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Contacts

Jolanta Skorecka
Undergraduate Coordinator
j.skorecka@ucl.ac.uk
Tel: +44 (0)20 7679 8621

Ruth Mandel
Programme Tutor
r.mandel@ucl.ac.uk
Tel: +44 (0)20 7679 8646

BSc Anthropology with a Year Abroad

About the programme


UCL has the leading broad-based anthropology department in the UK. It is located in the heart of London, within walking distance of the city’s major cultural attractions. At UCL, we pursue the big questions of the human present; thinking about what are the meanings, symbols and practices of the varieties of human cultures and societies? and the human past; addressing questions around how did our species evolveand what does it mean to be human? We relate these questions to the everyday problems and decisions that shape people’s lives. You can expect training in the full range of methods, theories and techniques from leading researchers in a range of sub-fields within anthropology, whose work spans the globe. Like other Anthropology degrees,

UCL Anthropology includes social anthropology, but unlike many others, we also incorporate material culture and biological anthropology. Amongst other things material culture studies takes seriously how new fashions and technologies, from mobile phones to denim jeans to Facebook, are transforming societies throughout the world. In addition, we are also committed to understanding how the past is used in the present through a critical approach to the ever-increasing role of museums, tourism and cultural heritage in the global economy. In addition, we have strong programmes in medical anthropology, ethnographic film, and human ecology and development.

Our teaching is structured around a combination of lectures, small-group discussions and seminars. We aim to provide close and regular contact between students and staff as you progress to more advanced levels of understanding. We have no particular expectations about your GSCE or A level choices, though a background in biology will help you with some of the courses. Sciences, humanities and social sciences are essential to an understanding of human diversity, and here you will learn how they relate to one another, regardless of your educational background so far. We offer opportunities to undertake practical fieldwork, so as to understand how anthropologists obtain information about human societies in the past and present. The skills that we offer are in wide public demand and have prepared former graduates for an extraordinary range of careers, both academic and non-academic. Some of our graduates continue on for specialised masters’ degrees or PhDs whereas others go on to work in international NGOs, government, journalism, market research, medical professions and a wide variety of other careers.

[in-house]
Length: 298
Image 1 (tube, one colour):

The four-year degree is identical to the three-year BSc with one difference: in your third year you will study abroad. We have many exchange programmes both throughout Europe and the USA which include studying in Finland, Norway, The Netherlands, France, Greece, Turkey, Spain and Malta. With the exceptions of Spain and France, all instruction is in English. The EU Erasmus programme provides the funding for living expenses while you are abroad if you choose a European partner. We currently have an exchange with the University of Arizona, Tucson, and are in the process of adding more US partners. The US exchanges operate on a tuition fee waiver, but there is no financial support for living expenses or travel.

After your third year abroad, you return to UCL and complete the requirements for the BSc, including the final year Individual Studies Dissertation. Many students will use the year abroad to design the research project and even carry out some of the research for it.


Degree Summary

Degree Benefits

  • UCL's Anthropology Department is one of the few in the country that combines Social Anthropology, Biological Anthropology, Material Culture and Medical Anthropology to give you a truly broad-based anthropology degree.
  • Spend your third year abroad at one of our partner institutions, for example in Istanbul, Athens, Barcelona, Malta, Leiden, Oslo, Finland, Arizona or Paris.
  • Access to excellent resources including extensive literature in the UCL Library and other nearby libraries, such as that of the Centre for Anthropology at the British Museum.
  • We have an outstanding collection of ethnographic items and the Napier Primate Collection, and work closely with the ethnographic department of the British Museum and with the Horniman Museum.

In the first year, you take compulsory courses covering the three branches of the programme: Biological Anthropology, Social Anthropology and Material Culture.Biological Anthropology focuses on contemporary human-environment interactions and human evolution. Social Anthropology explores social and cultural differences and their determinants, from indigenous groups to modern Western economies. Material Culture studies human, social and environmental relationships through the evidence of people's construction of their material world.

Your first year also includes a three-day field trip to discover ethnographic research and participant observation in ritual, landscape, and techniques.

Your second year includes both compulsory courses and options.

Your third year will be spent abroad, where you take anthropology courses at a foreign university.